ACCC boss slams ‘poor’ and ‘unacceptable’ NBN marketing

The Australian Competition and Consumer Commission (ACCC) has slammed internet providers’ NBN marketing efforts with commissioner Rod Sims describing current advertising as “poor” and “unacceptable”.

NBN plans have been plagued with consumer misunderstandings resulting in Telstra announcing last May dissatisfied users would receive refunds and Optus following suit over the weekend.


The comments come as the watchdog releases guidelines suggesting advertisers avoid publicising the maximum speeds – as nbn™ does – that customers can expect to achieve during evenings.

The ACCC admitted such detailed guidance to industry is an unusual step: “We judge, however, that such a step is necessary because the current advertising around NBN products is poor, which is unacceptable in the context of a forced migration to the NBN,” Sims said in a media statement.

“Currently around 30% of NBN customers have been sold low-speed plans, with many not realising their internet speeds may not be any better—and in some cases worse—than existing ADSL services.

“Many other NBN customers, while on higher-speed services, experience lower-than-expected speeds during busy periods due to under provisioning of capacity by their retail service provider.

“With this guidance, if you buy a ‘Basic evening speed’ plan you should generally not expect speeds much different to your pre-NBN experience. If you buy ‘Standard evening speed’ or higher plans, you should expect certain minimum speeds during busy periods,” Sims said.

The ACCC has created standard labels it would like the industry to adopt so customers can better compare plans and understand the product they will be getting.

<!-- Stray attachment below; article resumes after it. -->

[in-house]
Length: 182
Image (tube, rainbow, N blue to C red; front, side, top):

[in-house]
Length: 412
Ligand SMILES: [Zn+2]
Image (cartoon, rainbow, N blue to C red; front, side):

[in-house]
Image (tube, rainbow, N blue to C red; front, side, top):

Label Basic evening speed

Standard evening speed

Standard plus evening speed

Premium evening speed

Minimum typical busy period speed * 15 Mbps 30 Mbps 60 Mbps

*No minimum speed is specified for the ‘basic evening speed plan’

“Retailers should be very clear with customers about the typical speeds they can expect during busy evening periods. It is not acceptable to advertise an ‘up to’ speed claim, as this can give the false impression that the speed advertised is achievable at most times, including during the busy period,” Sims continued.

The commissioner admitted in the media release the suggestions have no formal legal standing but warned advertisers that the watchdog will take a dim view on those not following them.

“While the guidance is voluntary, it provides a strong benchmark against which the ACCC, and more importantly the community, will judge the advertising of retailers,” Sims said. “The ACCC will also be closely monitoring retailer compliance with the Australian Consumer Law.”


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